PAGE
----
Apart from the ui being neat and simple, Is there any other reason why every major website uses a white background with very few colors?

  • 3
    Can you be more specific your question is very broad – Mervin Mar 5 '13 at 12:40
  • I don't think websites intentionally use a white background, do they? Isn't it just the default background colour in most browsers? – Surfbutler Mar 5 '13 at 13:40
This answer is more general, instead of just white I'll focus on light backgrounds.

There are two main factors that influence the fact that most websites use a light background, the first is the power of defaults and the second is readability.

Defaults and standards

  • HTML and CSS Styling in browsers defaults to white, most of the users, in this case the developers tend to stick with the default options. Just google "The power of defaults" to see what I mean.

  • There is also an evolutionary component about where the interface comes from and which objects in the real world it is trying to imitate. It could be really straightforward to think that given that the main use is to display information designers tried to emulate books which are light text over dark backgrounds. (I don't have evidence about this).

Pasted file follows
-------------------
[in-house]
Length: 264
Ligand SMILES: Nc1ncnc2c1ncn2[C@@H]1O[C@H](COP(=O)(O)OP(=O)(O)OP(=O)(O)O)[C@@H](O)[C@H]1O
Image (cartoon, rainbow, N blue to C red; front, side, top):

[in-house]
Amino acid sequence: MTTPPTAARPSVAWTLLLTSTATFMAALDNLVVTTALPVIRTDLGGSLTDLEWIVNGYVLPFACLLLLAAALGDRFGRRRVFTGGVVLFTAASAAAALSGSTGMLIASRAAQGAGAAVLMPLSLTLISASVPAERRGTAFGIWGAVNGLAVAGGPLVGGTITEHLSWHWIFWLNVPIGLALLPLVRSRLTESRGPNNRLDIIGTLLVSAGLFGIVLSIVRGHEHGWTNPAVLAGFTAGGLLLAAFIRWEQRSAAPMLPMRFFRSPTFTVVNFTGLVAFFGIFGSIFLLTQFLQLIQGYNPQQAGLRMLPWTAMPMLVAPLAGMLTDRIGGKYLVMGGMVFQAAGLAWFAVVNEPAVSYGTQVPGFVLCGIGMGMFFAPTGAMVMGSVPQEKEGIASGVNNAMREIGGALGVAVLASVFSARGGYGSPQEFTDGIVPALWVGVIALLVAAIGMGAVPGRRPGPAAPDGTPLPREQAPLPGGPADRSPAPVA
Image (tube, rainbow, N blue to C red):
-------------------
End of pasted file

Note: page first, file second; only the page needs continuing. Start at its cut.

The second reason is that dark text on light backgrounds is better for readability, and this is a very controversial topic.

Text readability depends on a bunch of factors: mainly contrast, but also font size, color and lighting conditions.

Contrast and color choices

Assuming that the contrast is right and equivalent (W3C Accessibility Guidelines on contrast) for both light-on-dark and dark-on-light, it seems that for readability purposes the best thing is dark text over light backgrounds:

You should avoid using white text on a dark background when displaying paragraph text to make it easier from them to read. Forcing users to fixate on the white text for a long time can strain the user’s eyes. This is because white stimulates all three types of color sensitive visual receptors in the human eye in nearly equal amounts.

White also reflects all wavelengths of light. Because the words and letters in paragraph text are compact and close together, when white text reflects light, the reflected light scatters and runs into neighboring words and letters.


Here is also another source that collected some studies on the topic:

However, most studies have shown that dark characters on a light background are superior to light characters on a dark background (when the refresh rate is fairly high). For example, Bauer and Cavonius (1980) found that participants were 26% more accurate in reading text when they read it with dark characters on a light background. Moreover, a survey by Scharff, et al. (1996) revealed that the color combination perceived as being most readable is the traditional black text on white background.

Source: http://uwf.edu/ddawson/d3net/documents/web_usability/optimal%20web%20design.pdf